“I think he’s obviously excellent at his job, and I think he’s aware that he’s on that stage to offer detail and help finesse language, and he seems cool with it,” said Raheem Kassam, the former editor of Breitbart London and host of the podcast “War Room.”

Fauci’s criticism of palace intrigue reporting on his relationship with Trump has endeared even more to this crowd.

“Mainstream media and several journalists, especially as it pertains to the White House press corps, are purposely trying to get Fauci to contradict Trump for a juicy conflict in the middle of a pandemic,” said Stephen Miller, a conservative media columnist who contributes to The Spectator USA, the American division of the long-time conservative British outlet.

The New York Times published an article Monday suggesting the president was losing patience with Fauci’s willingness to oppose him in public and in interviews, even as the NIAID director has gone out of his way to praise Trump to more conservative outlets.

Miller noted Fauci had implicitly rebuked reporters for asking questions that Fauci said were “pitting one against the other,” calling it “just not helpful” in the middle of the pandemic.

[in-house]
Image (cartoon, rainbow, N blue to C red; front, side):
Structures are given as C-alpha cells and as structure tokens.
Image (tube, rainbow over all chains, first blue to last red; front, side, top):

Fauci, Miller said, “doesn’t appear to want to take the bait.”

Instead, it’s the right-wing fringe that has been going after Fauci, largely due to the fact that he tamps down Trump’s excitement over quick-fix solutions, such as the antimalarial drug hydroxychloroquine, his desire for stringent restrictions on gatherings and his publicly dire predictions about the potential death toll that are at odds with Trump’s more optimistic outlook.

These figures have been latched on to Fauci for weeks, even if their comments weren’t initially gaining much traction.

“The guy has been around for 50 years yet never thought to prepare for something like this?” griped John Cardillo, a pundit for the Trump-friendly Newsmax, in a March 13 tweet. “Every time he speaks he makes things worse. Maybe he is the problem, not the solution.”

“I think a lot of people at this point are looking for an explanation for the very confusing, unprecedented events going on in the world,” said Stranahan, who vehemently opposed attacking Fauci.